By now, most Canadians will have heard of the Supreme Court of Canada’s ruling on physician-assisted death.
This is likely the most important decision in Canadian legal history, at least since the Privy Council declared women to be “persons” for constitutional purposes in 1929 or the Patriation Reference in 1981.
Whether one agrees with the outcome or not, the Carter decision was a very strong ruling. The court issued its reason per curiam, meaning that no particular judge signed the reasons. This signifies a particularly unified unanimous decision. Second, the court rejected virtually all of the government’s arguments in a direct and terse fashion. Lastly, for what it’s worth to those who believe in “activist” judges, seven of nine judges were appointed to the court by Prime Minister Stephen Harper.
However, proponents of physician-assisted death are not out of the woods yet. In the usual way, the court gave Parliament 12 months to re-jig the law so that it will conform with the charter. The court has done so in many other cases, most recently in the Bedford decision on prostitution. The rationale behind this is that, where an entire part of a law is declared to be invalid, Parliament is best-suited to craft a response.
This is especially important where a law is going to be constitutional and legal in most cases (i.e. where a person is not suffering or terminally ill), but arguably requires a specific regulatory regime for particular cases.
The law declared unconstitutional is a criminal law, meaning the federal government is the one responsible for it. The feds have three options here: (1) it could off-load responsibility to the provinces as being a matter of healthcare to be regulated like any other medical procedure; (2) just like the Morgentaler abortion case in 1988, it can do nothing and let a legal vacuum develop; or (3) it could pass a new law trying to conform with the constitution, just as it did in the Bedford case. Many commentators think option #3 is the most likely outcome.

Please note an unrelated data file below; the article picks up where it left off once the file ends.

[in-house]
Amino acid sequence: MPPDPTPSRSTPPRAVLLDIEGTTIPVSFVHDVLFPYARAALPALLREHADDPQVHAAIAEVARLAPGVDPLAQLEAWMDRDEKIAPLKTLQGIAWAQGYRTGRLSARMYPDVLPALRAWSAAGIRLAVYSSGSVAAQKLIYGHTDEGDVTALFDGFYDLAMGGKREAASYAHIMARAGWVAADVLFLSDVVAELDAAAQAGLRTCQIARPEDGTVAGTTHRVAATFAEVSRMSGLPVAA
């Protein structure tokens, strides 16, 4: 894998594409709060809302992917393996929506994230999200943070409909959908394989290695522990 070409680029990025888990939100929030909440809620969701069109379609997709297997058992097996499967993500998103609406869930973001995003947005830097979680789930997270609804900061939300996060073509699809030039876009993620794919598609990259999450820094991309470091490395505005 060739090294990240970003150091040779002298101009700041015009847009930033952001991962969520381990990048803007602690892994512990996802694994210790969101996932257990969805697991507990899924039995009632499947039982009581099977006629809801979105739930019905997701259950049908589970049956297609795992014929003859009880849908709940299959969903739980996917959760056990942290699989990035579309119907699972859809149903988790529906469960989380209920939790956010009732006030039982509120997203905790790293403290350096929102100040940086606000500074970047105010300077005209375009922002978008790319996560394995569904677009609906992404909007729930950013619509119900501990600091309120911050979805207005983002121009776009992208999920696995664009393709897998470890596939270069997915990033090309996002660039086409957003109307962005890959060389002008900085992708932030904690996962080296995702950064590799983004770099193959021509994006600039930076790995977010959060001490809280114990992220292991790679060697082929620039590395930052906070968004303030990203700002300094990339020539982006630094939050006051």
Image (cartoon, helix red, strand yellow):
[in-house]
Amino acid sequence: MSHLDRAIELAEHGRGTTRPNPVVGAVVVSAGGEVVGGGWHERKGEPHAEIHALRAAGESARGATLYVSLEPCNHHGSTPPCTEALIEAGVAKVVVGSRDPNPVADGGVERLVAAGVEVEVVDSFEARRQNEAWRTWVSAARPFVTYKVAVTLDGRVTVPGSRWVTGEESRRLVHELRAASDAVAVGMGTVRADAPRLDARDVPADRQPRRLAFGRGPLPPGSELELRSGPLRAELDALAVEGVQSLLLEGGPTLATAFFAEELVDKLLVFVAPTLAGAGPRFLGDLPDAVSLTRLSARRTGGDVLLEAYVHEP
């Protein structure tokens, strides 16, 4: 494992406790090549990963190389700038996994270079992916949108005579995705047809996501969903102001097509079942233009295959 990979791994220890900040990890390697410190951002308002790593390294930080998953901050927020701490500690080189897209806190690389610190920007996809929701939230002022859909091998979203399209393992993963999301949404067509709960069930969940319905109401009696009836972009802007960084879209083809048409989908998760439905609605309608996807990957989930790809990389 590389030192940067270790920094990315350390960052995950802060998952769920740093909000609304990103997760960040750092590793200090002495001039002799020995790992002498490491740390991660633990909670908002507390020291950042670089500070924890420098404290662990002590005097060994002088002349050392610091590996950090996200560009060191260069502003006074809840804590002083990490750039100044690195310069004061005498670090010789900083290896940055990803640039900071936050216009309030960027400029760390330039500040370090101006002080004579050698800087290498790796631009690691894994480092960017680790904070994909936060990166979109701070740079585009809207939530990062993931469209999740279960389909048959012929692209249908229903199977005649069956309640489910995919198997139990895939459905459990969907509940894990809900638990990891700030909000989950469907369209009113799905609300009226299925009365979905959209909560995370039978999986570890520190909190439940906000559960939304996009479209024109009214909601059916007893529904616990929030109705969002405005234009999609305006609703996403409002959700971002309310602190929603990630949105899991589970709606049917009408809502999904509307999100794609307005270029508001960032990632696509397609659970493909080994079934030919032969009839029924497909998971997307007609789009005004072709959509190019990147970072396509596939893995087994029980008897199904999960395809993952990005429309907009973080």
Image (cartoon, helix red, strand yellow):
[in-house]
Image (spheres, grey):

Whatever that new law might be, it will be controversial. Some, like Stockwell Day, are calling for a replacement law to be written “as narrowly as possible”. That might mean that, while a new law will ostensibly be constitutional (or the Harper government will tell Canadians that they have complied with the Carter decision), it will be extremely difficult for people to meaningfully access physician-assistance in ending their lives. A few ways they might do this would be to create burdensome medical requirements or to require court approval before an end-of-life procedure can be carried out. Jodie Lazare, a doctoral student at McGill Law, has already expressed serious concern that is rightly shared by many Canadians.
One commentator, Prof. Jocelyn Downie has already suggested and drafted legislative amendments, which borrows language directly from the Carter decision.
In its ruling, the court expressly refused to craft any kind of mechanism for a constitutional exemption in the next 12 months. That was because Gloria Taylor, the only party to the case who might have resorted to physician-assisted death, passed away between the trial decision and the Supreme Court ruling. None of the remaining parties (Dr. Schoichet and the healthy children of Lee Carter) were seeking an exemption.
However, at trial, Madam Justice Smith granted Taylor an exemption on certain very specific conditions and with a prior court order. This included the involvement of at least three physicians, thorough evidence of deeply-informed consent, and that she be “near death”. Madam Justice Prowse of the B.C. Court of Appeal upheld that exemption, despite fierce opposition from the federal government.
In my mind, that leaves some room, however small, for a court application by an affected individual in the next 12 months for relief in the form of physician-assisted death before a new law comes into place. It would have to rely to a great extent on the conditions attached to the exemption granted to Taylor, which were very, very specific.
It would also be balanced against a court’s desire to not usurp new legislation before it is even tabled (assuming it is eventually tabled). Despite what many say, courts are very reluctant to interfere with legislative objectives.
It would be an extraordinary remedy, but, then again, people looking for it would also be living in extraordinary circumstances.
The author would like to acknowledge the revision and feedback of Chelsey Roy in this piece.